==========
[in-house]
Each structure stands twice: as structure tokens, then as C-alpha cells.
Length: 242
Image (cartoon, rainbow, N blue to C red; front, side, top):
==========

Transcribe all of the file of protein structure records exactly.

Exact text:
[in-house]
Each structure stands twice: as structure tokens, then as C-alpha cells.
Length: 242
Image (cartoon, rainbow, N blue to C red; front, side, top):